Study Guide

Romeo and Juliet Tough-o-Meter

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(7) Snow Line

Well, it's Shakespeare: we can't lie to you. He may have been writing for the masses back in the sixteenth-century, but it's easy to miss the jokes if you have to keep flipping to the footnotes, and puns on collier/ choler/ collar aren't exactly headlining on Comedy Central. Take the very beginning:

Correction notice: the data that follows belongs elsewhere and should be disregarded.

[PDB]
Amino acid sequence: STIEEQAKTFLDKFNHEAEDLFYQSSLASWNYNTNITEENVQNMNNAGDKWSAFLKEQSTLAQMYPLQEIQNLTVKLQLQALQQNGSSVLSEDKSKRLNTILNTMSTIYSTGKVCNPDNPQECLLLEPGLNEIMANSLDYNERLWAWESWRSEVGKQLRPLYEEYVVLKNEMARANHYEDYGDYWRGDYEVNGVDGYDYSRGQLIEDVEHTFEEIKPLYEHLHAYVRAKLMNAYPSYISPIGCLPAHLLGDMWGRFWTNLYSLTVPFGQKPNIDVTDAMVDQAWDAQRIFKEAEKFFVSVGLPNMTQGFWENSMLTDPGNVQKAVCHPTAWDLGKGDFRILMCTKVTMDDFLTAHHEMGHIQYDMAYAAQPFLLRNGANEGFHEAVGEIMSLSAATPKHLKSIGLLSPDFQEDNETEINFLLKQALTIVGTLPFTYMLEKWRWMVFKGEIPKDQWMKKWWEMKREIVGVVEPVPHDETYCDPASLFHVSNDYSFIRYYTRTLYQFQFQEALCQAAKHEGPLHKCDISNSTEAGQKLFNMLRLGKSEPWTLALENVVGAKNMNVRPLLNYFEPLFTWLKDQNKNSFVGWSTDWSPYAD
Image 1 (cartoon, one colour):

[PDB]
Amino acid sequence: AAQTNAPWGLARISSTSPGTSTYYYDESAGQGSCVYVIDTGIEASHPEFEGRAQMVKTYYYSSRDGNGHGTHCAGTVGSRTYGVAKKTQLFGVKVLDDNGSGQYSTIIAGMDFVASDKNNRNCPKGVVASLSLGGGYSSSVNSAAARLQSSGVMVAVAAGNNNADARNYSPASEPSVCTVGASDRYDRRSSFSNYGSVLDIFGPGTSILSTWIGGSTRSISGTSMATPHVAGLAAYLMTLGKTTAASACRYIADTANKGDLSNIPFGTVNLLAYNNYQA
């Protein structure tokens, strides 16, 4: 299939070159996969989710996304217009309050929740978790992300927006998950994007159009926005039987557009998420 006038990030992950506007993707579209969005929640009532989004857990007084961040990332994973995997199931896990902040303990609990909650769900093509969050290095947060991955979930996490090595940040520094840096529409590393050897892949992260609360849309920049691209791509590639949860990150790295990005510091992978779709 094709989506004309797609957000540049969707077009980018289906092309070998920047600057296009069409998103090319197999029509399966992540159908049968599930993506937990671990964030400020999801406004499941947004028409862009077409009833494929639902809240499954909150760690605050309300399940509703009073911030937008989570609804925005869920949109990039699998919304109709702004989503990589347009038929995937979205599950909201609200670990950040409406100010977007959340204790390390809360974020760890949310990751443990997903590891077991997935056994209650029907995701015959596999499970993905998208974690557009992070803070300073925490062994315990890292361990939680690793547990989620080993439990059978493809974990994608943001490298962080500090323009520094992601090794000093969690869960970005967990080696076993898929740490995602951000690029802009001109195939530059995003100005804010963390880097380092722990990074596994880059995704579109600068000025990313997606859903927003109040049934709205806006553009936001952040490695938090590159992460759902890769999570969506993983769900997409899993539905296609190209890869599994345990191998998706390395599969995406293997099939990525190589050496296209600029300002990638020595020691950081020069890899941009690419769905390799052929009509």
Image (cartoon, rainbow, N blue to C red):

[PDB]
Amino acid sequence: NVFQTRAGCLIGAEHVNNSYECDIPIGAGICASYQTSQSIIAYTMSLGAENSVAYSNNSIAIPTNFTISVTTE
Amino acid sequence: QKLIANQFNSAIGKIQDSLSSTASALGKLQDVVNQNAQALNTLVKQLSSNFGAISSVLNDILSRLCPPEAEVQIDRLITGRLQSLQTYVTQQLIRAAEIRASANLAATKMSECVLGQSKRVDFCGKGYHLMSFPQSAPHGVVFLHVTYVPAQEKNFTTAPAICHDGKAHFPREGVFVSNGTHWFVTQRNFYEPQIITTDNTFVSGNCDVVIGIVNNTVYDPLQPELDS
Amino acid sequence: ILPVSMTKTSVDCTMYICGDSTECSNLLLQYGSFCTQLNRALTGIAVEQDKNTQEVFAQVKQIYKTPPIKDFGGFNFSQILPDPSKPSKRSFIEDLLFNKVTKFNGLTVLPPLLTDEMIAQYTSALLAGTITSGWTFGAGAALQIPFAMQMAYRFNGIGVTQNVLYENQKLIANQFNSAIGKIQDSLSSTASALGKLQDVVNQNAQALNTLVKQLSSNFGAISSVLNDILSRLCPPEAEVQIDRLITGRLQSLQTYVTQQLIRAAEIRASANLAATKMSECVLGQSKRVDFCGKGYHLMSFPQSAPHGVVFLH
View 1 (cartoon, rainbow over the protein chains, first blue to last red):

Two households, both alike in dignity
(In fair Verona, where we lay our scene),
From ancient grudge break to new mutiny,
Where civil blood makes civil hands unclean.

Even though these words especially difficult, the poetic language and tricky sentence structure make the meaning, well, a little obscure. (Translation: There were two important families in Verona, and we're about to cover the latest installment of their long-standing feud.) Still, it's a classic love story for a reason—and Shmoop has got your back.

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